Suitable for:  Ages 4 and up

Theme:  Processing sensory messages, neurological disability, teamwork with the family, therapist and school

Opening/Synopsis“With her unevenly cut brown hair, bare feet, and loud, munchkin-like singing voice, Ellie Bean spun wildly in circles in her backyard.  As the wind blew harder against her face, Elli Bean laughed and sang longer…and louder…and louder.  Her spinning became faster…and faster!”  Ellie’s mother yells for her to slow down.  When she suddenly stops  spinning very fast, she doesn’t  seem wobbly.  She takes off running after a butterfly.  She spots a bee and runs screaming into the house sobbing.  Her mother quietly asks her what is wrong.  But, Ellie is not able “to put her fear into words.”   Many things upset Ellie like the smell and taste of toothpaste,  the flushing the toilet, getting a hair cut.  For Ellie, everything is “too loud,  too scratchy, too painful, too tight, too smelly, too ouchy and too squishy,”  all of which send her into a meltdown.  Some people think she’s drama queen.

Ellie and her parents visit a specialist and learn that she has a Sensory Processing Disorder (SPD).  An occupational therapist works with Ellie and her parents to discover what things make her feel better and calm her down, like swinging, spinning, jumping on a trampoline, brushing her arms and legs with a soft brush and wrapping her tightly in a blanket.  After her parents start using these exercises with her, Ellie  begins to use words to tell her mom what is bothering her.

Why I like this book:  Jennie Harding uses drama and a lot of action to show how SPD affects the quality of life for children.  She is the parent of a child with sensory-processing difficulties and a special educator.  SPD is a term used to cover a variety  of neurological disabilities, not just one.  Some children with autism have SPD.  David Padgett has created a very colorful and lively illustrations that beautifully compliment the story.  Harding says it is important the parents educate themselves and seek help.  An Occupational Therapist will know what tools can be used to ease the discomfort for a child, who has difficulty processing information that is received in the brain.   It is also important to train the child to listen to his/her own body.  Please read the Author Information about SPD at the back of the book.  She gives an overview and provides important resources and web sites for parents.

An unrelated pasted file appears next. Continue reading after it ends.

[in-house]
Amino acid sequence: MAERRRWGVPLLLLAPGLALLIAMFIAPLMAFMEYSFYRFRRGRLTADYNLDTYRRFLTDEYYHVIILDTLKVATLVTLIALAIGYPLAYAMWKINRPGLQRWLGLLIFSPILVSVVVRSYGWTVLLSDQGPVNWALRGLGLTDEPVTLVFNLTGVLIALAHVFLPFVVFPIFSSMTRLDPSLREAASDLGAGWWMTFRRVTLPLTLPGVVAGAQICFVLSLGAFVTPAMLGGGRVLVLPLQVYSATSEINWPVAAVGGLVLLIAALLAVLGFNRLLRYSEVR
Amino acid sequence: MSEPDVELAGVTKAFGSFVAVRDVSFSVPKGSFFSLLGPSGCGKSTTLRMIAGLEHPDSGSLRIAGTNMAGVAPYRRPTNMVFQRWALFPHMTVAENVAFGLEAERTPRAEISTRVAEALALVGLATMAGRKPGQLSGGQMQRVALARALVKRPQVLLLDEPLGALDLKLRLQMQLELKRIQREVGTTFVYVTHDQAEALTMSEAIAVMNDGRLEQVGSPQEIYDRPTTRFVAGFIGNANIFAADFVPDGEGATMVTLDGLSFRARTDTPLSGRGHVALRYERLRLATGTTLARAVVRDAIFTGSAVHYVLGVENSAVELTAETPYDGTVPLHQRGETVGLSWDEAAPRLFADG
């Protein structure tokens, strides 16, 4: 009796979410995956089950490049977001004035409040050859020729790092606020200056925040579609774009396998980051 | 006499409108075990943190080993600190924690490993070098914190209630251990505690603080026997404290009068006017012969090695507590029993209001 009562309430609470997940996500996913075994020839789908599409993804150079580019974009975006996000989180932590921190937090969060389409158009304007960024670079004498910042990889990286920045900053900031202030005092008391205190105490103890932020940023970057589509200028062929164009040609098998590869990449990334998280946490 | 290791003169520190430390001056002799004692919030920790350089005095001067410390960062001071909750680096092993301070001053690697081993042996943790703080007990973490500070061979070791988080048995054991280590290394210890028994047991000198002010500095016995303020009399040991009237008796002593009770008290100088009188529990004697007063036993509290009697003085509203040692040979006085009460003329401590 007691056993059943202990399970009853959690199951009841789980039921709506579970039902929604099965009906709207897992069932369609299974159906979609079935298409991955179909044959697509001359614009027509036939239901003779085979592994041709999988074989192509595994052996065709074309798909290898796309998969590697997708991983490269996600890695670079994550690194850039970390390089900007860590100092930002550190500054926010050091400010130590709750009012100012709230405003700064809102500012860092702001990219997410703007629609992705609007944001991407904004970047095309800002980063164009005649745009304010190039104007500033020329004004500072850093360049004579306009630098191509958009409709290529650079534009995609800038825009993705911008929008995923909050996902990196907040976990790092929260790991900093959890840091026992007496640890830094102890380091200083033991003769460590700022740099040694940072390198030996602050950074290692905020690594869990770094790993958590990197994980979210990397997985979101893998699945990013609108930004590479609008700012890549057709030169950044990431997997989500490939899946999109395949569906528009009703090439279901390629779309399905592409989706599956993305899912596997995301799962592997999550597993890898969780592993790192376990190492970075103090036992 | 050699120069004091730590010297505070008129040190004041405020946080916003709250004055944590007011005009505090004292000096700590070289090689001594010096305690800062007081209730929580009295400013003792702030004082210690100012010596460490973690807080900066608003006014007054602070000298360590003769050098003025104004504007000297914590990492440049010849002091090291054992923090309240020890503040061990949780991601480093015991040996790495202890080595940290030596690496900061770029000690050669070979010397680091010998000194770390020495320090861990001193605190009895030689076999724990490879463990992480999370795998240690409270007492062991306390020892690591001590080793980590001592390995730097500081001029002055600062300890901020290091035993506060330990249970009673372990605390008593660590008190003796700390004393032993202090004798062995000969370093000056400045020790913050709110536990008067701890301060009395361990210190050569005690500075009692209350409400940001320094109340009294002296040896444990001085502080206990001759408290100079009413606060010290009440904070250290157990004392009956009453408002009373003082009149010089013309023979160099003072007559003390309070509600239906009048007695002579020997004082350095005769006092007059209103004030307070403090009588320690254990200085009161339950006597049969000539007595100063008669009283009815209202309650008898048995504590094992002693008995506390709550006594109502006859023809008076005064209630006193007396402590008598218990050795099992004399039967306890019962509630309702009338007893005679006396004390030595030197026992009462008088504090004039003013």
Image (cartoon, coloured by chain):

Resources:  Visit the Sensory Processing Disorder Foundation , which is establishing an on-line SPD University, The Sensory and Motor Integration Website of the University of Texas at Austin, and the Sensory Integration Global Network for more information.  This is a book that could be used in the classroom to discuss sensory issues with students.  A lot of kids find things that are too ouchy, too itchy, too noisy, and too smelly.  This would help children better understand kids with SPD.  You could also have children draw pictures about what bothers them most.  This could lead to a lively discussion about similarities.

To see a complete listing of all the Perfect Picture Books with resources, please visit author Susanna Leonard Hill’s Perfect Picture Books.  Or click on the Perfect Picture Book Fridays  badge in the right sidebar.